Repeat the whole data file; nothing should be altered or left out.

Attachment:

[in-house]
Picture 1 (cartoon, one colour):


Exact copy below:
[in-house]
Picture 1 (cartoon, one colour):